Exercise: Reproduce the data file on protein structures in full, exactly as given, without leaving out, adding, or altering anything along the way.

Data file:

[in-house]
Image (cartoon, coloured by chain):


[in-house]
Image (cartoon, coloured by chain):